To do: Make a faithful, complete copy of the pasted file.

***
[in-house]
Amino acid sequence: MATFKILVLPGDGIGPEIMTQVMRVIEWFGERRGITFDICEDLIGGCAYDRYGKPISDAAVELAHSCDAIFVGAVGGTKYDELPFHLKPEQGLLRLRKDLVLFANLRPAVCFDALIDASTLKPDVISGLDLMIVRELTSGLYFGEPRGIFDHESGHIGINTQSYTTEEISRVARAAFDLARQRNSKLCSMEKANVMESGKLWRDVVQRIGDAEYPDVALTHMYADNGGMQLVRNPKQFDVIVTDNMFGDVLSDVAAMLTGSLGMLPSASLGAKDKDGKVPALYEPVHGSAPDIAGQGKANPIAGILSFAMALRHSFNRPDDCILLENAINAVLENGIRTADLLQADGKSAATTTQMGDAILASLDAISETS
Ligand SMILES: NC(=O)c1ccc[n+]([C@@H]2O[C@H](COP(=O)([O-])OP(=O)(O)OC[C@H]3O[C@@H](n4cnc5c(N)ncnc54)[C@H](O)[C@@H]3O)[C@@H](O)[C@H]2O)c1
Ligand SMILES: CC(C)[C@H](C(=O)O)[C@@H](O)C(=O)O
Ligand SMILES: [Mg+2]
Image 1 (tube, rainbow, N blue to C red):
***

[in-house]
Amino acid sequence: MATFKILVLPGDGIGPEIMTQVMRVIEWFGERRGITFDICEDLIGGCAYDRYGKPISDAAVELAHSCDAIFVGAVGGTKYDELPFHLKPEQGLLRLRKDLVLFANLRPAVCFDALIDASTLKPDVISGLDLMIVRELTSGLYFGEPRGIFDHESGHIGINTQSYTTEEISRVARAAFDLARQRNSKLCSMEKANVMESGKLWRDVVQRIGDAEYPDVALTHMYADNGGMQLVRNPKQFDVIVTDNMFGDVLSDVAAMLTGSLGMLPSASLGAKDKDGKVPALYEPVHGSAPDIAGQGKANPIAGILSFAMALRHSFNRPDDCILLENAINAVLENGIRTADLLQADGKSAATTTQMGDAILASLDAISETS
Ligand SMILES: NC(=O)c1ccc[n+]([C@@H]2O[C@H](COP(=O)([O-])OP(=O)(O)OC[C@H]3O[C@@H](n4cnc5c(N)ncnc54)[C@H](O)[C@@H]3O)[C@@H](O)[C@H]2O)c1
Ligand SMILES: CC(C)[C@H](C(=O)O)[C@@H](O)C(=O)O
Ligand SMILES: [Mg+2]
Image 1 (tube, rainbow, N blue to C red):